English is build for compact communication. Polish is more flamboyant but more precise language.

That’s good to know. We don’t really have diminutives for nationalities. I’ve never heard someone use one, but now you made me wonder and I was trying to create a diminutive and it sounds odd in Croatian. We use diminutives a lot in everyday speech, for example it’s always better to use a diminutive than say “little house” (kućica instead of mala kuća), but we don’t like putting words with the meaning “little” in front of a diminutive (so, mala kućica is incorrect as diminutive already as the meaning of “little”). Is that the thing in Polish as well?

Jybrael

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Polish is the hardest language to learn...
« Reply #7 on: 3 years ago »
I have tried my hands at Croatian once but even till now I didn't manage to understand a single of the rules...I agree it is indeed very complex.

Aurelia

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Polish is the hardest language to learn...
« Reply #8 on: 3 years ago »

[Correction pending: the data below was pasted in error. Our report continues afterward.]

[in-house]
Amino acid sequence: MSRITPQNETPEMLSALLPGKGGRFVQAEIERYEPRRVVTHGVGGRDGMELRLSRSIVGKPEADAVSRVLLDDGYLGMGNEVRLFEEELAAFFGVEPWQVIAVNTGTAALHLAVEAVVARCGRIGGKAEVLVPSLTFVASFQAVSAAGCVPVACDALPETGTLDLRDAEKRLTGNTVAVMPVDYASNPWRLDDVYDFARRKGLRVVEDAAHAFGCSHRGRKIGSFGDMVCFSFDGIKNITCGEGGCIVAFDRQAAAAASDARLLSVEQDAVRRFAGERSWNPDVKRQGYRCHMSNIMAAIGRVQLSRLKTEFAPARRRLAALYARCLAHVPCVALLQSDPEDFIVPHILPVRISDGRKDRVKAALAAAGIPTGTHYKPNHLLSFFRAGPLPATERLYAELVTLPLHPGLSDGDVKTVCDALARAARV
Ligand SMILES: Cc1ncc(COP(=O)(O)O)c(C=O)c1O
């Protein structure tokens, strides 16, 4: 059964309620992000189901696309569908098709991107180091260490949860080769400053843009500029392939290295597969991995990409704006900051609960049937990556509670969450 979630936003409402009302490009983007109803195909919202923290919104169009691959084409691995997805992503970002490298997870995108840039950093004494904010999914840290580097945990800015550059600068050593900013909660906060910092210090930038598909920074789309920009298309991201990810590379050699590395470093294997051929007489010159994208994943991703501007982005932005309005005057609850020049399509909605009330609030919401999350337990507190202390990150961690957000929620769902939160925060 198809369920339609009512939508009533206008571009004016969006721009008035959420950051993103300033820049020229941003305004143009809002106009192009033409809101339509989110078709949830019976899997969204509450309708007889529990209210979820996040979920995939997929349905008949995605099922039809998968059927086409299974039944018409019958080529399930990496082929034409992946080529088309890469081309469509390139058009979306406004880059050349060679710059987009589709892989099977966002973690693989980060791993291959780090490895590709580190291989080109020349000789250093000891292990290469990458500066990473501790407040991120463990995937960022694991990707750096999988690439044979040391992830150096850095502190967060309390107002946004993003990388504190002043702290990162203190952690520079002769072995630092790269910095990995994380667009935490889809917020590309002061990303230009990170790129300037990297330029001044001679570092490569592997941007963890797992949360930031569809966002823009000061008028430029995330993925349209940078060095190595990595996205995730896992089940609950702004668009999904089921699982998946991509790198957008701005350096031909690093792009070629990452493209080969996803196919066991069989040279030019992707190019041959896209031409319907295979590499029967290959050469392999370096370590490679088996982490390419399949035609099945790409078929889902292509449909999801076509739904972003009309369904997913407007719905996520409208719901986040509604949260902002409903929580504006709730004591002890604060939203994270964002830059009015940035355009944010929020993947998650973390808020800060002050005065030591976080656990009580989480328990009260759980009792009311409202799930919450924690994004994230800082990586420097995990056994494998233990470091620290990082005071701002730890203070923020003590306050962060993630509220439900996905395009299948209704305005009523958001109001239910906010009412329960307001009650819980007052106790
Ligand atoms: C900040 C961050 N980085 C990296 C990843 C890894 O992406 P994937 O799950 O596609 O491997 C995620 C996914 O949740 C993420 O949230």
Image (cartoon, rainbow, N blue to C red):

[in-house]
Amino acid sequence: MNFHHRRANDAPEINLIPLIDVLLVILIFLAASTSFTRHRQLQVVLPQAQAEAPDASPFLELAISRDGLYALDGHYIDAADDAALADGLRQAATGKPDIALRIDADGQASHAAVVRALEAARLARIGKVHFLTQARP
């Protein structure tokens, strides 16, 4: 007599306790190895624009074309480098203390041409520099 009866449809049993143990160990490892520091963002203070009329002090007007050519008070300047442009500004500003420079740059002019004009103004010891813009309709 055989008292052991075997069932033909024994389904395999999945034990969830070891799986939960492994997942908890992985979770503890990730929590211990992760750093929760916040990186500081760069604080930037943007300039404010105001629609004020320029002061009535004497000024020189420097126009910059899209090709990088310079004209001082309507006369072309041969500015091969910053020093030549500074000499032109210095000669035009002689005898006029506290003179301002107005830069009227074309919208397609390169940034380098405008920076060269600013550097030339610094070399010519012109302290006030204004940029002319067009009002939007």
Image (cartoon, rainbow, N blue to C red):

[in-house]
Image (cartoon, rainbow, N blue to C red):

It's worst when you have rules that confuse more than they explain. Rules should be clear, simple, relevant and to the point. Too many of them just make the matter more obscure, definitely not a good thing.

By the way, what do you mean with "fluent by the age of 16"?
Do schools teach various tenses in elementary school or only later on? What about pronouns and nouns? Do children make mistakes in cases? Is it more grammatical or speaking fluency? Or is it about writing?

The schools here are... well, suffering. I am curious as to what happens in Poland. How much emphasis is there on studying your native tongue? I know I had classes of Croatian in school and it was half-literature, half-grammar... alright, more literature than grammar, but both components were necessary. How does the system work in Poland?

grinface

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Polish is the hardest language to learn...
« Reply #9 on: 3 years ago »